Customers love the overall durability and ease of use of the Pearl rack.
Some have pointed out it’s not sturdy enough for touring while others said the fixed height just didn’t offer them the flexibility they needed.
Otherwise, you should be very happy with the Pearl.
Gibraltar GCS-400C Road Series Rack
The Gibraltar GCS-400C road series rack is a basic chrome rack with curved wings.
It comes with two 30” vertical T-legs with angle adjustment, cymbal mounts, 46” curved horizontal front bar with two multi-clamps and memory locks and two 24” curved wing extensions with GMC multi-clamp and memory lock.
It’s a relatively lightweight rack at 13.23 pounds measuring 46.5 x 8.6 x 7.9 inches.
The Gibraltar rack is another awesome product.
What some customers didn’t like about it, however, is that they felt they could get a better rack for the same amount of money.
That may be the case depending on what you’re looking for, but this could still be the right fit for you.
Gibraltar GRS-850DBL Curved Double-Bass Rack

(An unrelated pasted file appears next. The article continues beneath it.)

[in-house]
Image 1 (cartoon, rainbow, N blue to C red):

As the name would suggest, the Gibraltar GRS-850DBL curved double-bass rack is ideal for double-bass players who need added flexibility.
Though it has a relatively small footprint, the rack will accommodate up to six toms and eight cymbals.
It can also be used as a single-bass rack with side extension.
The setup includes two GRSTLA T-leg assemblies, one GRSMTLA mini T-leg assembly, three 36” vertical bars, two 40” curved horizontal bars, four GRSMC multi-clamps, four GRSHML hinged memory locks, 10 GPRML memory locks, two GRSRA right angle clamps, two GRSSRA stackable right angle clamps and one GRP-LOGO badge.
The rack weights 35.3 pounds and measures 45 x 10 x 7.5 inches.